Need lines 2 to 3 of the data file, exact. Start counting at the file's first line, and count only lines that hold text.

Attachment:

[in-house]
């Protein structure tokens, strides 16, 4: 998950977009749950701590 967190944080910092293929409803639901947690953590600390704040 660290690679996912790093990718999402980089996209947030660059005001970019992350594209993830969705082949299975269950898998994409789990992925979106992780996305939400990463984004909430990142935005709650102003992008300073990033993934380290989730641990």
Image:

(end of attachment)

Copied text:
């Protein structure tokens, strides 16, 4: 998950977009749950701590 967190944080910092293929409803639901947690953590600390704040 660290690679996912790093990718999402980089996209947030660059005001970019992350594209993830969705082949299975269950898998994409789990992925979106992780996305939400990463984004909430990142935005709650102003992008300073990033993934380290989730641990």
Image: